15 minutes into Jacob Estes’ new movie Relive, I wrote down in my notebook who I thought the killer was. I was right. Even though Estes wants his movie to be a twisty, time-traveling thriller, the narrative is too confined to cliches to ever branch out into something unexpected. It’s like Estes pitched a generic crime thriller, the pitch was rejected, and he added, “Uh, what if time travel was involved somehow?” and Blumhouse said, “Here is your low budget. Make sure none of the extras have any lines even if they see someone bleeding to death.” Instead of using its premise to the fullest, Relive just becomes sillier and more tedious as it continues.
LAPD cop Jack (David Oyelowo) is close with his niece Ashley (Storm Reid), especially since her dad (Brian Tyree Henry) is kind of a screw up. One night Jack comes over to Ashley’s home only to discover that Ashley, her parents, and even her dog have been murdered. Distraught and reeling from their deaths, Jack works to solve the case when suddenly he gets a call from a very alive Ashley. The call is coming from a week in the past, and Jack realizes that he might have a chance to stop the crime before it even happens.
The plot moves very quickly past Jack thinking he might be crazy and into accepting that his cell phone plan accepts calls from the past and that changing the timeline must be handled with great delicacy. But jumping into the time travel deprives the film of its emotional power. Unlike the similar Frequency, which is really a father-son story that happens to involve a crime, Relive is a crime story that happens to involve time travel. There’s no urgency to the emotional stakes and the bond between Jack and Ashley lacks texture and depth despite good performances from Oyelowo and Reid.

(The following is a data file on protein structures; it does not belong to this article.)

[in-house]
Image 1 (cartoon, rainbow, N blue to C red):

By sticking so closely to the beats of a standard crime drama, Relive loses any individuality its time travel premise provides. What could have been a fascinating look at a guy grappling with grief instead rushes to solve a case the audience has already solved by the end of the first act. The mystery is so bland that it can’t drive the film forward. The story just plods along with intermittent calls from Ashley to move things along.
Relive is a movie you’re forgetting about even before it’s over. It’s possible to use a time travel hook to tell an emotional story, but Relive just goes through the motions, uninterested in the emotional stakes and focusing on a crime you’ve already solved. It fails as both a time travel movie and as a crime thriller.
Relive does not currently have a release date.